Ever want to see that last iPhone message without checking your phone. It is actually fairly easy to create a secondary message display using an Arduino, BLE, and an LCD display to conect to the Apple Notification Center Service on your iPhone.
For this project I used the Blend Micro from RedBearLab, combined with an AdaFruit ST7735R TFT LCD display The Blend Micro combines an Atmel ATmega32U4 micro-controller with a Nordic nRF8001 BLE chip. Simply hook up the LCD using SPI and you are in business. For this project I added a piezo buzzer for sound effects and a button to wake up the display if it has timed out.
The basic idea is to have the iPhone pass along alerts to the device using BLE/ANCS and to have the device play a tone and display the alert information. There is a timeout to power down the backlight on the display after a minute, and a button that can be pressed to turn the display’s backlight on, so the last message can be viewed after the one minute timeout. This power savings mode could allow the device to be powered by a battery.
I created a demo project on codebender to make it easy to replicate. You will need to import a few libraries into your personal libraries on codebender to get the project to work. It would be easy to enhance the project to save the last several messages and use a 2-Axis Analog Thumb Joystick to control a simple interface that scans through messages.
Unfortunately the Blend Micro does not have an on-board LIPO charging circuit, so if you want to enable a combined USB/Battery solution a charging circuit would have to be added. RedBear warns that connecting a battery to VIN and USB simultaneously could damage the board.
I printed up a simple enclosure on the 3D printer and here is the enclosed LCD panel.
VIN & GND -> to LIPO battery (DO NOT use USB power when battery connected) PIN 2 -> ST7735R LITE PIN 8 -> ST7735R D/C PIN 9 -> ST7735R Reset PIN 10 -> ST7735R TFT_CS PIN 11 -> ST7735R MOSI PIN 13 -> ST7735R SCK PIN V33 -> ST7735R VCC PIN GND -> ST7735R GND Button -> PIN 5, GND Buzzer -> PIN 3, GND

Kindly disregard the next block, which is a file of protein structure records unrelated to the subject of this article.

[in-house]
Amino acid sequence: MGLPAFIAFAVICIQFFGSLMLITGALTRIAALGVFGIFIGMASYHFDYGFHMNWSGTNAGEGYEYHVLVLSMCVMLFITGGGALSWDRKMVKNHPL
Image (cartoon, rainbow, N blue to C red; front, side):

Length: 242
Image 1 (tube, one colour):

Follow the instructions for using Blend Micro on codebender. You should be able to get the LED Blink example working before continuing.
Add key libraries
To compile the code in the project above you will need to add several libraries to your personal libraries on codebender. Go to codebender.cc and you will see the *Upload Libraries button on the upper right side of the page. There are four libraries you need to add.
- Nordic Bluetooth low energy SDK for Arduino beta version 0.9.0
- RedBearLab nRF8001 Library version 20140701
- RedBearLab Blend Add-On version 20140701
Just download each of these as a zip file from github, and upload them to your codebender personal library. I created a fork of the ANCS-Library to thin it down a bit as memory was tight on the Blend Micro for another version of the project I am working on. It is on a branch called code-diet available on github ANCS-Library on a code-diet zip
Finally, clone my codebender ANCS_Display_ST7735 project and verify the code compiles with the libraries you uploaded, and run the project on Arduino.
Open the iPhone Settings app and select Bluetooth. If everything is working correctly you should see ANCS_RUSK listed under MyDevices. Select it and choose pair.
Once paired you should hear a tone on the device, and the display will change from Status: Not Connected to Status: Connected. If you receive any alerts on your iPhone you should now hear a tone on the device and the screen should display a message.
You can update the code to support custom tones and messages for different alert types, or add other interesting features.
- The Blend Nano from ReadBearLab is a tiny alternative to the Blend Micro but it is based on the ARM Cortex-M0 SoC and uses the newer Nordic nRF51822 BLE chipset. The ANCS-Library is only compatible with the Nordic nRF8001 BLE chipset, so some work would be needed to port the library to the new platform.
- Adafruit has just announced a few similar Arduino+BLE boards. The Feather 32u4 Bluefruit LE using the ATmega32u4, and the Feather M0 Bluefruit LE using the ATSAMD21G18 ARM Cortex. Both these boards provide a built in 100mA lipoly charger, so either would be a better choice for a mobile device. Both these boards use the nRF51822 BLE chipset so like the Blend Nano would require porting the ANCS-Library before the code above could be used.
- I have a SHARP Memory Display Breakout from adafruit, which is a really nice eInk type display, but was unable to get it working with this demo on first try. This codebender sketch was my first attempt. It seems that there is a conflict between the Adafruit_SharpMem library and the ANCS Library, because instantiating the Adafruit_SharpMem display object causes calls to notif.setup() to hang. I may look at it a bit more if I get a chance, but this was to be a quick experiment. There were some memory size issues initially, but I believe the hang may be an SPI issue, but I haven’t yet had time to investigate further.
- I also started to play with a headless version that instead uses neoPixels. I will post when I finish it. I like the idea of a fun neoPixel and sound only display connected with an iOS app that allows the user to customize what notifications the display responds to and how it responds. This would allow cheap simple peripheral displays to be created that respond to different notifications in different ways.
- The ESP32 should make for an interesting platform for these types of displays because they could allow BLE for notifications, and use WiFi for connection to the home network. This could allow control a wide range of WiFi enabled home devices based on iOS app notifications. That sounds fun.